How To Shelve Books In Dewey Decimal System

How To Shelve Books In Dewey Decimal System

Organizing shelve books in a library or personal collection can be a daunting task, but the Dewey Decimal System (DDS) provides a straightforward and efficient method for categorizing and locating books. Developed by Melvil Dewey in 1876, this system is widely used in libraries around the world. This guide will walk you through the steps of shelving books using the Dewey Decimal System, ensuring your collection is accessible and easy to navigate.

Understanding the Dewey Decimal System

Understanding the Dewey Decimal System

Before diving into the shelving process, it’s important to understand the basics of the Dewey Decimal System. The DDS divides all knowledge into ten main classes, each represented by a range of numbers from 000 to 999. Each class is further divided into ten divisions, and each division into ten sections, creating a hierarchical and expandable classification system.

Main Classes

  1. 000 – General Works: Encyclopedias, periodicals, newspapers, computer science.
  2. 100 – Philosophy & Psychology: Metaphysics, epistemology, ethics, ancient philosophy.
  3. 200 – Religion: Theology, mythology, comparative religion, Bible.
  4. 300 – Social Sciences: Sociology, economics, law, education, folklore.
  5. 400 – Language: Linguistics, specific languages, dictionaries, grammar.
  6. 500 – Science: Mathematics, astronomy, physics, chemistry, biology.
  7. 600 – Technology: Medicine, engineering, agriculture, home economics, business.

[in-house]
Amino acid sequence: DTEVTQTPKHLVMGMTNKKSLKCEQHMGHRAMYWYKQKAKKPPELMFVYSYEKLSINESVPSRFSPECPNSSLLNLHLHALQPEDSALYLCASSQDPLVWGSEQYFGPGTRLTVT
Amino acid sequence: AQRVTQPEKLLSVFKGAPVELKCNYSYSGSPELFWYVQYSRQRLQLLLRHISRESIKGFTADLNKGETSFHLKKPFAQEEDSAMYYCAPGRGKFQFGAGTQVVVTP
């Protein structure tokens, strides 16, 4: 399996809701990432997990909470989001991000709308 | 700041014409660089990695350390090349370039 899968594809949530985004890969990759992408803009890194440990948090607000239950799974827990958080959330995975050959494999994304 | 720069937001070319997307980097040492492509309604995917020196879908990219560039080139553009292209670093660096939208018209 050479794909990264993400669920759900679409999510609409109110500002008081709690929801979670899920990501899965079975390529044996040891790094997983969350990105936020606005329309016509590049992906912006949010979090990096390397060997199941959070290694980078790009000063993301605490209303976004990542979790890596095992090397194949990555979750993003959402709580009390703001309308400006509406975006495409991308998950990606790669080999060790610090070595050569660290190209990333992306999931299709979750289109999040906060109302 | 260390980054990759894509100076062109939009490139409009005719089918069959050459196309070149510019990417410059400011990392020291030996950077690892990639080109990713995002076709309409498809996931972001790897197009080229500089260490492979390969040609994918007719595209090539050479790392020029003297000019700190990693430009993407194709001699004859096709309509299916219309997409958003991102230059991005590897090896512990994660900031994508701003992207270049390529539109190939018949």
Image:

8. 700 – Arts & Recreation: Architecture, sculpture, music, sports, games.
  9. 800 – Literature: American literature, English literature, German literature, poetry, drama.
  10. 900 – History & Geography: World history, geography, biographies, travel.

Each book is assigned a number based on its subject matter, which serves as its “address” on the shelf. This number is known as the “call number.”

Steps to Shelve Books Using the Dewey Decimal System

Step 1: Understand the Call Number

A call number typically consists of two parts: the Dewey Decimal classification number and the Cutter number, which usually represents the author’s last name or the title of the work. For example, the call number “595.789 JOH” can be broken down into:

  • 595.789: Dewey Decimal classification (specific to the subject matter, e.g., butterflies in zoology)
  • JOH: Cutter number (often representing the author’s surname, in this case, Johnson)

Step 2: Sort the Books

Start by sorting the books into broad categories based on their main classes. This initial sorting will make the detailed organization easier. For example, place all books related to science (500s) in one pile, all books related to literature (800s) in another, and so on.

Step 3: Arrange by Dewey Decimal Number

Once the books are sorted by main classes, further organize them by their specific Dewey Decimal numbers. Line up the books in numerical order, starting from the lowest number to the highest. Pay close attention to the decimal points, as these determine the precise order.

For instance, consider the following call numbers:

  • 500.1
  • 500.23
  • 500.231
  • 500.24
  • 500.3

Step 4: Organize by Cutter Number

After arranging by Dewey Decimal number, sort the books within each number group by the Cutter number. This helps to distinguish books with the same subject classification but different authors. For example, within the call number 500.231:

  • 500.231 JOH
  • 500.231 KIN
  • 500.231 LEE

Step 5: Shelve the Books

With the books fully sorted, you can begin placing them on the shelves. Start at the top left of the first shelf, move left to right, and continue down the shelves in order. Ensure that each book is placed upright and aligned with the edge of the shelf for easy visibility and access.

Step 6: Label the Shelves

Label the shelves with the range of Dewey Decimal numbers contained within each section. This will make it easier for users to locate specific books and understand the organization of the collection.